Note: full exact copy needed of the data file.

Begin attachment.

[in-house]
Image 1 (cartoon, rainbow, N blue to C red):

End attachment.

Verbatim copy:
[in-house]
Image 1 (cartoon, rainbow, N blue to C red):